Things have changed so much these days that is more often than not easier to disagree about everything than it is to agree with anyone about anything. On the other hand when similar conclusions are reached from completely different sources it is worth investor attention.

The American College New York Life Center for Retirement Income completed the 2017 RICP Retirement Income Literacy Survey testing retirement income literacy. The purpose was to see how well pre-retirees and retirees possess the capability to plan for a sound financial future. The respondents were aged 60-75 which is significant because this is the age range where critical decisions must be made, perhaps for the first time, about lifetime income needs, risk, and losses. The online interviews took place with 1,244 Americans ages 60-75 with no less than $100,000 in assets outside the primary residence. It was a survey of 38 quiz questions in 12 relevant topic areas; retirement planning, ability to maintain lifestyle, income generation, annuity product knowledge, Social Security, life expectancy, death of a spouse, income taxes, inflation, housing, medical insurance, and long-term care. Of those surveyed only 26% answered the 36 questions correctly.

Now let’s see how the financial literacy test coincides with another source. As you can see in the chart below shows investor confidence (in red) between 60 and past 85 stays between 70% to 80%, but while financial literacy starts at 60% at 60 it becomes 20% after 85.

Decline in Financial Literacy Over Time
Financial literacy score and confidence level in making financial decisions by age

Source: Finke, Howe and Huston, “Old Age and the Decline in Financial Literacy,” Management Science, 2016, DOI: 10.12871/mnsc.2015.2293

Your judgment could become impaired over time and you may not even realize it. Research shows that one’s cognitive ability to make sound financial decisions peaks just before retirement and generally declines thereafter. Whether family or friends part of the job of preparing for retirement includes identifying an advocate you can trust. Choose wisely and discuss much because it is often the case that those who inherit money often take less than two years to run through what you didn’t spend in a lifetime.

It is interesting to note, when it comes to longevity, which of course remains a wild card, in my experience women expect to live longer than their parents and men often tell me they believe they will live to about the same age as their father. According to a bumper sticker, ‘Don’t believe everything you think!’

Life Expectancy Probabilities
If you’re 65 today, the probability of living to a specific age or beyond

Chart: Social Security Administration, Period Life Table, 2013 (published in 2016) Table: Social Security Administration 2016 OASDI Trustees Report
Source: J.P. Morgan Asset Management Guide to Retirement 2017 Edition. Probability at least one member of the same-sex female couple lives to age 90 is 55% and a same-sex male couple is 39%.

J.P. Morgan Asset Management notes, “Average life expectancy continues to increase and is a mid-point not an end-point.

You may need to plan on the probability of living much longer, perhaps 30+ years in retirement, and invest a portion of your portfolio for growth to maintain your purchasing power over time.” So, plan on longevity. It is more conservative to plan on living to 100 than it is to plan on dying at 80, only to wake up at 81 with no money, and you are still overqualified to be a Wal-Mart greeter.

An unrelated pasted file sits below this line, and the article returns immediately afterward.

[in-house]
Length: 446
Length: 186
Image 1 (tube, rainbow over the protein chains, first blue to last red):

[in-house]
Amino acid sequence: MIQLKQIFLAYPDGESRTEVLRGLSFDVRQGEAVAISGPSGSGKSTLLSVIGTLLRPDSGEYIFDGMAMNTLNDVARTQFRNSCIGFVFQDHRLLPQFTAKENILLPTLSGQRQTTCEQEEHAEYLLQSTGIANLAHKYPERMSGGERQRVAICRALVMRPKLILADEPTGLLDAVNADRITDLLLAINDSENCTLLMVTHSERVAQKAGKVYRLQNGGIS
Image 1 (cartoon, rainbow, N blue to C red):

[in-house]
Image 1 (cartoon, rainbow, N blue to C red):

Impact on Wealth on Life Expectancy
Change in average additional life expectancy in years at age 55 by income, between groups 1920 and 1940

Source: Josh Zumbron, “The Richer You Are the Older You’ll Get,” blogs/, April 18, 2014. Data compiled by Barry Bosworth, The Brookings Institution, data from the University of Michigan’s Health and Retirement Study, a survey that tracks the health and work-life of 26,000 Americans as they age and retire.

Research shows that the wealthier you are, the longer you may live, and the increase in additional years is actually greater for men than women as shown here. For example, the wealthiest American men born in 1940 may live an average of 5.9 years longer than similar individuals born 20 years earlier in 1920. As you take income in retirement look for areas where the dividend or the yield my meet all or a good portion of that income needed so that less principal would be eroded.

Attitude Toward Loss
How comfortable would you feel about accepting a loss after retirement compared to before retirement?

Source: Michael Finke, Ph.D.

How does your response to the key question above compare to the responses of those surveyed? If you believe you are going to be less comfortable with a loss once you retire, you may want to consider a retirement income solution that can provide you with guaranteed lifetime income, no matter how the market performs.

Since hope is not a strategy, take advantage of technology by asking your financial advisor to help you determine what market loss you are willing to accept. Then look for active management teams that have demonstrated moving risk assets off the tracks to safety in 2008 so the train didn’t crush your life savings right before your very eyes. The next step is to see how the systems put the money back on the tracks in risk assets in 2009 when the coast was clear. The time to prepare is before the next unforeseen disaster strikes. I want you to avoid regret by planning ahead while you can. Otherwise I am afraid too many investors will discover Warren Buffett was spot on with his point of view, “Risk is not knowing what you’re doing.”

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